The Hidden Nasty In Wm. Morrison Supermarkets plc’s Latest Results

Wm. Morrison Supermarkets (LSE: MRW) (NASDAQOTH: MRWSY.US) reported a 5.6% fall in like-for-like sales over the Christmas period on Thursday, and the supermarket’s share price fell more than 8% — but as investors, could we have seen these problems coming?

Having taken a closer look at the firm’s sales figures for the last few years, I reckon that there were some clear warning signs.

It’s in the margin

The supermarket business model relies on high sales volumes and low profit margins. At the same time, supermarkets’ fixed costs — such as property and staff costs — are quite high, so a small reduction in sales or profit margins can have a big impact on overall profits. (This effect is known as operational gearing.)

A key indicator of a supermarket’s pricing power is its gross profit margin — its turnover minus the cost of goods sold.

Gross Margin Morrisons Tesco Sainsbury
2011 7.0% 8.5% 5.5%
2012 6.9% 8.4% 5.4%
2013 6.7% 6.3% 5.5%
H1 2013/14 6.3% 7.3% 5.6%

Although Sainsbury’s gross margin is lower than those of Tesco and Morrisons, it is very stable, and Sainsbury’s debt levels are lower than those of Tesco and Morrisons.

In contrast, Morrisons’ gross margin has declined steadily over the last three years, and the firm’s latest half-yearly results showed a big lurch lower, while debt levels continue to rise.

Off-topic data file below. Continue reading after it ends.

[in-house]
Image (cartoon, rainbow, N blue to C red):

Falling sales warning

The 5.6% fall in Morrisons’ Christmas sales took markets by surprise this week, but the warning signs were there for all to see, in the firm’s previous trading updates.

Morrisons’ turnover for the first half of the current financial year was £8,938m, virtually unchanged from £8,939m for the same period last year. When you take inflation into account, this suggests that sales volumes were around 2% lower than for the same period last year, despite the fact that Morrisons opened 33 M Local convenience stores and six new supermarkets during that six month period.

Morrisons’ falling sales were confirmed when the supermarket reported a 2.4% drop in like for like sales in its third-quarter update in November — there were plenty of clues that Christmas could be difficult.

Do shareholders need to worry?

Morrisons will launch its online service later this month, and this may help arrest its declining sales. However, UK supermarkets are remarkably cagey about the profitability of their online operations, and Morrisons’ deal with Ocado certainly didn’t come cheap.

I don’t expect online to be a miracle cure for Morrisons’ woes, and expect the supermarket’s turnaround to take several years.

Is Morrison's dividend safe?

Morrison's shares currently offer a prospective yield of 5.4%, which is the highest available from any UK supermarket. The question for income-seekers is whether this yield is safe: could Morrisons be forced to cut its payout?

I think a cut is unlikely, but ultimately, it's your decision. One way of testing the quality of Morrison's dividend is to apply the 'five golden rules' test that's described in the Motley Fool's latest special report, "How To Create Dividends For Life".

For full details, click here now for instant access to your free copy of this report.

> Both Roland and The Motley Fool own shares in Tesco. The Motley Fool has recommended shares in Morrisons.